LA Times: As superstars cash in on vinyl LP boom, small labels and manufacturers struggle to meet demand

When Liz Dunster, known to friends as Vinyl Mama, moves through Erika Records’ 65,000-square-foot vinyl pressing plant in Buena Park, she’s usually trailed by Elvis, her little Yorkshire terrier. On a recent morning, the two ambled through the facility, her in a stone-washed brown shirt, blue jeans and red boots, and Elvis trotting behind.

Steam-powered presses, operated by employees busy hand-stamping splatter-colored records, hissed with energy on either side of them. She passed one area stacked with piles of Madvillain’s “Madvillainy” album sleeves awaiting records ordered by Highland Park label Stones Throw.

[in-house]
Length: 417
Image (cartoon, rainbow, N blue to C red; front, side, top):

Noting a chill in the warehouse, she grabbed a warm-to-the-touch puck of vinyl used to create glitter-filled records. “These also make good hand warmers,” she said with a smile, putting it into her pocket.

It’s been a big year for vinyl sales, and the hum of activity overwhelming Erika’s production facility, which employs 75 people, offers proof.

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